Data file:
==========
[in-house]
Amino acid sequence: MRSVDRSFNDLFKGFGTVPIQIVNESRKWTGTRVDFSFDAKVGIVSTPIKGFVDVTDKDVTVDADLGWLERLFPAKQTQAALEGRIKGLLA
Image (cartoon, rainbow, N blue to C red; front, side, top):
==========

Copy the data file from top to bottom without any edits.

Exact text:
[in-house]
Amino acid sequence: MRSVDRSFNDLFKGFGTVPIQIVNESRKWTGTRVDFSFDAKVGIVSTPIKGFVDVTDKDVTVDADLGWLERLFPAKQTQAALEGRIKGLLA
Image (cartoon, rainbow, N blue to C red; front, side, top):